I Love You Rituals: A Book Review

6
Jul
I Love You Rituals by Dr. Becky Bailey begins with the explanation that "I Love You Rituals are delightful interactions and games adults can play with children infancy to eight years of age, which send the message of unconditional acceptance". These techniques are based on caring touch, which we know is necessary for infants to survive and children to thrive, creating an environment of acceptance and purposeful, positive, present-focused attention. The two most common mistakes that parents make are being too busy to be present and focused on our children and unintentionally teaching them that they must either be extra special or misbehave to receive attention from us, according to Dr. Bailey. I Love You Rituals are easy ways to prevent these mistakes.

In addition to expressing unconditional acceptance, I Love You Rituals can also help families build attachment and create a shared experience. These games can help families connect and can help parents and children reconnect when distress has interrupted the relationship of nurture and trust. I Love You Rituals are fun for everyone which builds positive relationships within the family. They also help children improve their skills in socialization and increase attention span. When you play pretend with your child, you will be helping him or her learn about imagination and creativity. For some children who have been adopted connecting, socializing, attention span, creativity, and imagination may not come naturally without these kinds of learning experiences.

One place to start is by reciting simple poems or fairy tales, things you already know, and add in hand motions to make it more interactive with your child. One of the basic concepts is to add fun into everyday tasks, such as removing shoes. When this is done with a focus on connecting, the task may take longer but the impact is huge. Even in the most mundane parenting tasks you can connect with your child, touching, loving, and having fun together. Seek out opportunities to increase loving touch and words of affirmation. By looking into your child’s eyes you can also give them quality as well if that is their love language. Compliments can be about the beautiful toes you found as you removed your child’s shoes or it may be about how much you love seeing your child’s smile. As you seek out opportunities for loving touch remember that tickling is not a part of I Love You Rituals because it can be experiences as aggressive by many children, especially those not comfortable yet with loving touch. While doing all these things, you will open the door for emotional self-disclosure by your child when he or she is ready to share more with you.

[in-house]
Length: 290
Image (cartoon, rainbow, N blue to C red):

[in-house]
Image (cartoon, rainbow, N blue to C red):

When your child yells, "Do it again!", you will know that he or she is both happy and feeling connected to you. Dr. Bailey encourages parents to persist in using I Love You Rituals even if your child resists or appears to be unattached. It may take some time, but this is a way to build attachment. It is less fun for parents when we do not receive the positive reinforcement of smiles and giggles from our children. However, while I Love You Rituals can be just as enjoyable for parents, the purpose is providing for your child’s emotional needs.

One of the best things about I Love You Rituals is that at most they require very inexpensive supplies, but many are free, simply requiring your engagement and investment. I Love You Rituals is an easy book to read with techniques parents can try immediately. Dr. Bailey also discusses some of the basics in attachment. This is an excellent read for any parent of a small child and could be very helpful for parents and children adjusting to adoption.

Brooke Randolph, LMHC, is a parent, therapist, and founding team member of MLJ Adoptions, Inc. with more than 20 years of experience working with children and families. She is the mental health expert contributor at DietsInReview.com, a national diet and fitness column; a private practice counselor in Indianapolis, Indiana; and the Vice President of PR, Outreach, and Communications at KidsFirst. She is a single adoptive mother who has authored adoption education materials and presented at numerous conferences and workshops throughout North America. Brooke is primarily motivated to encourage, equip, and empower parents and individuals to make changes that strengthen their lives, their careers, and their families.